Dozens of countries hit by biggest 'ransomware' attack ever
Major Ransomware Attack Hits Thousands Of Systems Worldwide
"Our focus is on supporting organizations to manage the incident swiftly and decisively", the service said in a statement, "but we will continue to communicate with NHS colleagues and will share more information as it becomes available".
Organizations around the world were digging out this weekend from what experts are calling one of the biggest cyberattacks ever.
And all this may be just a taste of what's coming, another cyber security expert warned.
Two security firms - Kaspersky Lab and Avast - said they had identified the malicious software behind the attack in upward of 70 countries, although both said the attack has hit Russian Federation hardest. Both said Russian Federation was hit hardest. There have been several incidents in the U.S., including one in IN where a hospital's IT system was taken down and patients had to be diverted to other facilities, according to a local news report.
The ransomware was created to repeatedly contact an unregistered domain listed in its code.
Alan Woodward, visiting professor of computing at the University of Surrey, said there was evidence the ransomware was spreading using a Microsoft flaw exposed in a recent leak of information from US intelligence agencies.
"It's very important everyone understands that all they (the hackers) need to do is change some code and start again".
"I don't believe it will have been a targeted attack, but will simply have been that the ransomware has sought out those organizations that are running susceptible devices", he said.
"The recent attack is at an unprecedented level and will require a complex global investigation to identify the culprits", said Europol, Europe's policing agency.
Huss and others were calling MalwareTech a hero on Saturday, with Huss adding that the global cybersecurity community was working "as a team" to stop the infections from spreading. "It's a big priority of mine that we protect the financial infrastructure", he said.
Computer users worldwide - and everyone else who depends on them - should assume that the next big "ransomware" attack has already been launched, and just hasn't manifested itself yet, said Ori Eisen, founder of the Trusona cybersecurity firm in Scottsdale, Arizona.
The Shadow Brokers released Eternal Blue as part of a trove of hacking tools that they said belonged to the us spy agency.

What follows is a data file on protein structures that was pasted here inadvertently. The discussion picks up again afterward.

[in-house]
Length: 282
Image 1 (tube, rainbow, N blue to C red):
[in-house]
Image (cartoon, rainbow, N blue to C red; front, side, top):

Phillip Misner, the Prinicipal Security Manager for the Microsoft Security Response Center, a group tasked with delivering timely security fixes and setting the priority of exploits, took to the TechNet blog to explain the company's stance on the issue and the steps it has taken. But computers and networks that didn't update their systems were still at risk.
Before Friday's attack, Microsoft had made fixes for older systems, such as 2001's Windows XP, available only to mostly larger organizations that paid extra for extended technical support.
Unfortunately however, computers already affected will not be helped by the solution.
When a system is infected, a pop-up window appears with instructions on how to pay a ransom amount of $300.
"Looking at the trends, it was going to happen", he said.
WannaCry has already caused massive disruption around the globe.
A senior nurse with NHS Lanarkshire in Scotland posted a video on Twitter appealing to members of the public "to stay away from acute hospitals unless it's an absolute emergency situation" while its IT systems remain affected.
Home Secretary Amber Rudd said 48 NHS trusts were affected and all but six were now back to normal.
Researchers with security software maker Avast said they had observed 57,000 infections in 99 countries, with Russia, Ukraine and Taiwan the top targets. State media reported that digital payment systems at PetroChina gas stations were offline, forcing customers to pay cash.
Major global companies said they also came under attack.
But while FedEx Corp. reported that its Windows computers were "experiencing interference" from malware - it wouldn't say if it had been hit by the ransomware - other impacts in the US were not readily apparent on Saturday.
Telecommunications company Telefonica was among many targets in Spain.
"This is turning into the biggest cybersecurity incident I've ever seen", United Kingdom -based security architect Kevin Beaumont said.
Computers were infected with what is known as "ransomware" - software that freezes up a machine and flashes a message demanding payment to release the user's data.
Michael Gazeley, managing director of cybersecurity firm Network Box, told CNN that the danger is far from over and that a company's security patch on Saturday might not still work by Monday.